Ukraine's Parliament on Tuesday took a first step to making the promotion of homosexuality a criminal offence punishable by prison despite appeals from local and foreign human rights groups who said the move was discriminatory.
The draft law, which passed the first of two readings, does
not clearly define what it means by the "promotion of homosexuality" but says it is a threat to national security.
"Certain media outlets, going against the interests of society and the state, are promoting a tolerant attitude towards things like sexual relations between people of the same sex," the law's authors said in an accompanying note.
"The spread of homosexuality constitutes a threat to national security as it leads to an HIV/AIDS epidemic and also destroys the institute of family and can trigger a demographic crisis."
If the law is enacted - something that would also require President Viktor Yanukovich to sign off on it - Ukraine's criminal code would be amended to punish anyone convicted of importing, producing or spreading "works that promote homosexuality" with jail terms of up to five years.
Such legislation would be likely to further strain Ukraine's relations with the European Union which has shelved a landmark association agreement with Kiev over concerns about a seven-year prison sentence handed down to opposition leader Yulia Tymoshenko.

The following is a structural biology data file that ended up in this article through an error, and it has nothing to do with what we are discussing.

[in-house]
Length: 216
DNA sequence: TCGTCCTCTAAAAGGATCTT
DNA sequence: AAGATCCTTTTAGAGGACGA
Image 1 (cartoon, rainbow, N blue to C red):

However, opinion polls suggest the law would be popular with voters ahead of an October 28 parliamentary election.
Homosexuality itself has been legal in Ukraine since the fall of the Soviet Union, of which it was part, in 1991.
But a 2011 poll conducted by the Gorshenin Institute, a local think tank, showed that 78% of Ukrainians viewed homosexuality negatively, making a law against its promotion a potentially useful tool in the election campaign.
"This law's motto is 'Taboo on homosexuality in the media," said Svyatoslav Sheremet, the head of Gay Forum of Ukraine, a non-governmental organisation.
Sheremet was beaten up by several masked men on May 20, when he and others were forced to cancel their first planned "Pride" march after hundreds of anti-gay activists showed up.
According to New York-based group Human Rights Watch, the draft law institutes discrimination based on sexual orientation and is "the outcome of stereotypical views on homosexuality".
"By restricting the publication and dissemination of materials related to sexual orientation and gender identity, this bill would severely restrict access to information about health, support networks, or social activities for countless young people," HRW said in a statement in June.
Ukraine's parliament, which is in its last session before the October 28 election, scrapped another law in July which would have barred all public activities promoting homosexuality, such as "Pride" marches.
Sheremet said the new bill was certain to be condemned in the West.
"U.N. agencies, the Council of Europe and the European Union will assess this discriminatory bill," he said.
"I am sure that respected international experts will explain why the whole idea of banning the 'promotion of homosexuality' in Ukraine has no right to be backed legally."
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